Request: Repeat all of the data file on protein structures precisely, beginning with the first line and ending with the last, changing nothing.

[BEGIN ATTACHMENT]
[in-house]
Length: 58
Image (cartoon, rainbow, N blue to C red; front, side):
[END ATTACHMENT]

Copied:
[in-house]
Length: 58
Image (cartoon, rainbow, N blue to C red; front, side):